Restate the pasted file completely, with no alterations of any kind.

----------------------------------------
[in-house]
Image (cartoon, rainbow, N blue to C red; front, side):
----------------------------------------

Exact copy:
[in-house]
Image (cartoon, rainbow, N blue to C red; front, side):